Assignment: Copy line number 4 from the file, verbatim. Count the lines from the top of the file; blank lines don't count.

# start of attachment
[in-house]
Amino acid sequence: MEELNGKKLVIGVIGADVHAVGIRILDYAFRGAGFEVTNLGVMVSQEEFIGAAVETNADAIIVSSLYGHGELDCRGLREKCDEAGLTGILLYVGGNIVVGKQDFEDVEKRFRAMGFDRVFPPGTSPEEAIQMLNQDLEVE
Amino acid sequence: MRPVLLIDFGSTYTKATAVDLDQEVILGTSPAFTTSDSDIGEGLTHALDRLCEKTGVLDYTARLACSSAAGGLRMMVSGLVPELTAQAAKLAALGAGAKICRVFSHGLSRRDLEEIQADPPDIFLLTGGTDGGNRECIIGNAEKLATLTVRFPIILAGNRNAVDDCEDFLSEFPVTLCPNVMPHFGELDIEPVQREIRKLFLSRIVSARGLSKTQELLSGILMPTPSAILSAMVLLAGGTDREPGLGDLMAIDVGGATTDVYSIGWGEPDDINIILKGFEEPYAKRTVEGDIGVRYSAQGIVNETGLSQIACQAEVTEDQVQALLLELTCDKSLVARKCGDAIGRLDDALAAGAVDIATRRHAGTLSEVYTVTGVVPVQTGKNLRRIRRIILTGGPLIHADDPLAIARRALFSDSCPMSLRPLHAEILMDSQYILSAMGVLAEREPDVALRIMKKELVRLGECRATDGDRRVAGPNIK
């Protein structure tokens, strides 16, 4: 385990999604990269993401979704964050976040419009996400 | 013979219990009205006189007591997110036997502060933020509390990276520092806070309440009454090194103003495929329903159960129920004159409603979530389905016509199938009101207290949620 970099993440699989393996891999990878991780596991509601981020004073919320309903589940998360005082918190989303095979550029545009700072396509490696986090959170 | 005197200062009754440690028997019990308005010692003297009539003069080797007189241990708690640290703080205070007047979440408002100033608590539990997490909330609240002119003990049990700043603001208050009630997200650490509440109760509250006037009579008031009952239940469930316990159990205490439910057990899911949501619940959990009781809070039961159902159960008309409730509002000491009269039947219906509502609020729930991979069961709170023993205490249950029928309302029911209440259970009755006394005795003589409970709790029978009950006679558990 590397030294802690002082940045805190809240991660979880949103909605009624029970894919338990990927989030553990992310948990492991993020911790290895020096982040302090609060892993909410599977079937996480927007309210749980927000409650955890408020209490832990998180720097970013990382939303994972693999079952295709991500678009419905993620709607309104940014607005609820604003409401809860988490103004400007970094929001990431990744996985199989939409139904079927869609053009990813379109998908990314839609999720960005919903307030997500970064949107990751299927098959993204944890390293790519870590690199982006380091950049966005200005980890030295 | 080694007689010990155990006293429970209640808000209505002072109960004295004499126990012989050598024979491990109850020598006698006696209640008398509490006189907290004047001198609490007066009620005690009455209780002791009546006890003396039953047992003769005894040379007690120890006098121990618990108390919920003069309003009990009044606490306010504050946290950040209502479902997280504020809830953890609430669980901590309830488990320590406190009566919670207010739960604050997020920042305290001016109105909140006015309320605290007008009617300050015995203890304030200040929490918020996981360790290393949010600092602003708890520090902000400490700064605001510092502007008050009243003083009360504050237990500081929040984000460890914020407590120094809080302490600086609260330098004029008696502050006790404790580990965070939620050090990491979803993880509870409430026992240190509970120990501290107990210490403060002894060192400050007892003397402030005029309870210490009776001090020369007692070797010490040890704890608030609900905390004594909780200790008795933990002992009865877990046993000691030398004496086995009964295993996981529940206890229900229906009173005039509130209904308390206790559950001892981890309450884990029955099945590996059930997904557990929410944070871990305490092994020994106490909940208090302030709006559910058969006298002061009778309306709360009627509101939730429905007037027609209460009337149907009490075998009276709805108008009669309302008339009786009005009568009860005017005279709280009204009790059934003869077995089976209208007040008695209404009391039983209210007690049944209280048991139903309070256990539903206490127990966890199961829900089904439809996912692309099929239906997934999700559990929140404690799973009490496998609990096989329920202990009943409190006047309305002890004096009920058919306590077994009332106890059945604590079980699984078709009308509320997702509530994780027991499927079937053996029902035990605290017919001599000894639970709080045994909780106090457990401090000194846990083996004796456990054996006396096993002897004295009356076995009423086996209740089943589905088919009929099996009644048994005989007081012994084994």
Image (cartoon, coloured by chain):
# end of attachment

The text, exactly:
């Protein structure tokens, strides 16, 4: 385990999604990269993401979704964050976040419009996400 | 013979219990009205006189007591997110036997502060933020509390990276520092806070309440009454090194103003495929329903159960129920004159409603979530389905016509199938009101207290949620 970099993440699989393996891999990878991780596991509601981020004073919320309903589940998360005082918190989303095979550029545009700072396509490696986090959170 | 005197200062009754440690028997019990308005010692003297009539003069080797007189241990708690640290703080205070007047979440408002100033608590539990997490909330609240002119003990049990700043603001208050009630997200650490509440109760509250006037009579008031009952239940469930316990159990205490439910057990899911949501619940959990009781809070039961159902159960008309409730509002000491009269039947219906509502609020729930991979069961709170023993205490249950029928309302029911209440259970009755006394005795003589409970709790029978009950006679558990 590397030294802690002082940045805190809240991660979880949103909605009624029970894919338990990927989030553990992310948990492991993020911790290895020096982040302090609060892993909410599977079937996480927007309210749980927000409650955890408020209490832990998180720097970013990382939303994972693999079952295709991500678009419905993620709607309104940014607005609820604003409401809860988490103004400007970094929001990431990744996985199989939409139904079927869609053009990813379109998908990314839609999720960005919903307030997500970064949107990751299927098959993204944890390293790519870590690199982006380091950049966005200005980890030295 | 080694007689010990155990006293429970209640808000209505002072109960004295004499126990012989050598024979491990109850020598006698006696209640008398509490006189907290004047001198609490007066009620005690009455209780002791009546006890003396039953047992003769005894040379007690120890006098121990618990108390919920003069309003009990009044606490306010504050946290950040209502479902997280504020809830953890609430669980901590309830488990320590406190009566919670207010739960604050997020920042305290001016109105909140006015309320605290007008009617300050015995203890304030200040929490918020996981360790290393949010600092602003708890520090902000400490700064605001510092502007008050009243003083009360504050237990500081929040984000460890914020407590120094809080302490600086609260330098004029008696502050006790404790580990965070939620050090990491979803993880509870409430026992240190509970120990501290107990210490403060002894060192400050007892003397402030005029309870210490009776001090020369007692070797010490040890704890608030609900905390004594909780200790008795933990002992009865877990046993000691030398004496086995009964295993996981529940206890229900229906009173005039509130209904308390206790559950001892981890309450884990029955099945590996059930997904557990929410944070871990305490092994020994106490909940208090302030709006559910058969006298002061009778309306709360009627509101939730429905007037027609209460009337149907009490075998009276709805108008009669309302008339009786009005009568009860005017005279709280009204009790059934003869077995089976209208007040008695209404009391039983209210007690049944209280048991139903309070256990539903206490127990966890199961829900089904439809996912692309099929239906997934999700559990929140404690799973009490496998609990096989329920202990009943409190006047309305002890004096009920058919306590077994009332106890059945604590079980699984078709009308509320997702509530994780027991499927079937053996029902035990605290017919001599000894639970709080045994909780106090457990401090000194846990083996004796456990054996006396096993002897004295009356076995009423086996209740089943589905088919009929099996009644048994005989007081012994084994």